What about using the boots six to eight hours a day for a long summer trip?

We tried to put four tungsten spikes on each boot to limit wear. The experiment was not satisfactory despite a technically correct installation. Indeed on very few kilometers with the impact on the ground of a horse of 700 kg and the extra traction of the spikes, made the boots twist on the foot. We decided to remove all of them before the possible risk of a tendon injury.

On the 8th of December the blacksmith came to take off the DUPLO shoes and Vanille spent all winter barefoot.


Saison 2017 Attelage Vanille. Résumé et évaluations.

Nous avons réalisé avec Mark les deux premières sorties le 22 et 24 Février pendant que Suzanne était encore en voyage aux USA.

Suzanne a ensuite repris les guides le 10 Mars, Mark et Bella étaient aussi de la partie.

Sur une période d’un peu plus de huit mois nous avons pu réaliser 42 sorties, ce qui équivaut a presque une séance par semaine avec un total de 456 km.

Les 9 premières sorties, pendant plus de deux mois, Vanille a travaillé confortablement les 4 pieds nus sur un total de 90 km.

Pour mémoire, en 2016 elle avait juste fait 14 kilomètres.

Elle évoluait sur les mêmes pistes et petites routes de montagne goudronnées que l’année dernière. Bien évidemment nous adaptions le travail en fonction de l’évolution de la sensibilité de ses pieds.

Nous pouvons confirmer qu’elle reste capable de fonctionner sans aucune protection des pieds avec une sortie par semaine en restant au pas sur les pistes caillouteuses. Deux sorties sont possibles occasionnellement sur une même semaine sans augmentation de la sensibilité.

Comme l’année dernière, nous avons constaté qu’elle devient sensible en premier lieu sur les antérieurs.

Nous avons décidé de reprendre l’expérimentation de l’année 2016 en protégeant les antérieurs avec des fers DUPLO en résine à partir des 90 km.

La première sortie qui a suivi la pause des DUPLO la jument a marqué une légère boiterie. Au bout d’une quinzaine de jours le phénomène a disparu sans que nous puissions identifier une cause.

La jument a travaillé pendant six mois sans aucun problème avec 4 ferrures DUPLO du début Mai a la fin du mois d’octobre alors que l’an dernier ce temps de travail avait été limité à deux mois.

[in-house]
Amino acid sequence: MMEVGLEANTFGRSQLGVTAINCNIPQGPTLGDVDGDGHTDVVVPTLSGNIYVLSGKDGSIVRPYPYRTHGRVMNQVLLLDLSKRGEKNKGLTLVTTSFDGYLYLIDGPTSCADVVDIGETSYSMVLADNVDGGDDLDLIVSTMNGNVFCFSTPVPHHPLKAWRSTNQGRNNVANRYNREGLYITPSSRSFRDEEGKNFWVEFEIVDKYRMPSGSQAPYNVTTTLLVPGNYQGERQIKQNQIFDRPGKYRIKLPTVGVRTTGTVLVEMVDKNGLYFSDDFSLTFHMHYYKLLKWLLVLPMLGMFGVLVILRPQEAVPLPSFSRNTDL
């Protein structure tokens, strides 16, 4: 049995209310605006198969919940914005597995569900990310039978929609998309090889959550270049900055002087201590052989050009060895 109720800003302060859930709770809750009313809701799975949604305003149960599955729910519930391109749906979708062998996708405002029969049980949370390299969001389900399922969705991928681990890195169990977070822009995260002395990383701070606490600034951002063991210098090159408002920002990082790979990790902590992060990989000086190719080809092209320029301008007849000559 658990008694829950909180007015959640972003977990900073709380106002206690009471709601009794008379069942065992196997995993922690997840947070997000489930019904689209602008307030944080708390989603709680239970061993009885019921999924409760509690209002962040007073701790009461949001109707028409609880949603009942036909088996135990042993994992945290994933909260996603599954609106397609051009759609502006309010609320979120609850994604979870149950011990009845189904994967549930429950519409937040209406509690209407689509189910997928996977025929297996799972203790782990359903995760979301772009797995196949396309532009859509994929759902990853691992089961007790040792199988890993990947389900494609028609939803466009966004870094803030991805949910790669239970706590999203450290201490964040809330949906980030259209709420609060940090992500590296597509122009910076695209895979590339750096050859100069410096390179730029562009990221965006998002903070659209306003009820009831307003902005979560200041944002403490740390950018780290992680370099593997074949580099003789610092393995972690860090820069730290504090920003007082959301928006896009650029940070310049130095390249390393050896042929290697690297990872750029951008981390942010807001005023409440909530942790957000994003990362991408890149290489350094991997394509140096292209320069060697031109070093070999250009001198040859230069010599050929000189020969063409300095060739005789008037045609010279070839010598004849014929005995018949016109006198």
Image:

Voici le kilométrage qu’ont réalisé ces quatre jeux de fers.

98 km – 72 km – 78 km – 100 km

Ils étaient à chaque fois approximativement usés à 80%. Il est vrai que cette année les sorties étaient un peu plus sportives avec des temps de trot plus importants. Nous continuons de constater qu’en attelage l’usure est augmentée par rapport à un cheval monté et en particulier sur les postérieurs. Nous pouvons aussi confirmer cette année les évaluations de l’année dernière concernant la limite d’utilisation de la ferrure DUPLO. C’est-à-dire environ 10 ou 12 jours maximum dans le cadre de notre pratique.

Cette limite va nous amener pour l’année 2018 a réaliser des tests avec des fers en résine beaucoup plus dure que nous avons trouvé aux Etats-Unis de la marque HOOF-IT

La différence essentielle avec les DUPLO réside dans le fait qu’ils ne sont pas rigidifiés par unetture interne métallique permettant entre autre la bonne tenue des têtes de clous. Cette marque commercialise des fers pour chevaux de trait ce qui est assez exceptionnel. Nous avons pris contact par mail avec le fournisseur qui garantit l’utilisation de ce produit sur 400 kms au moins. Nous serons rapidement fixés sur les qualités de ce produit dès la première ferrure.

A notre grande surprise, nous avons retrouvé la jument raide boiteuse à la fin de la saison, après avoir retiré la ferrure DUPLO. Cette mésaventure est survenue le lendemain du retrait des fers alors que nous avions fait la veille, une petite promenade de 5 kilomètres au pas avec juste un peu de trot sur terrain souple en prairie. Lors de cette sortie en effet la jument montrait un peu de sensibilité sur les antérieurs mais beaucoup d’énergie au trot dans le pré.

Le maréchal-ferrant n’avait absolument pas touché à la sole. Il avait juste réalisé un chanfrein périphérique pour limiter les évasements et abaissé légèrement les talons. Etant donné la persistance des symptômes pendant 48 heures, la jument a pu être soulagée par la pause des hyposandales New Trail que nous avions en réserve. Elle les a gardés pendant plus de vingt quatre heures en liberté dans son pré sans aucun effet abrasif sur les glomes et le paturon.

Nous avons fait revenir le Maréchal une semaine après pour abaisser, surtout sur les antérieurs, le centre des fourchettes qui de toute évidence étaient excessivement à l’appui et dépassaient exagérément du plan horizontal du pied, ce qui aurait généré un état inflammatoire important à l’intérieur du pied. Nous avons constaté également un écrasement excessif de la fourchette et des talons dans la partie postérieure des deux pieds.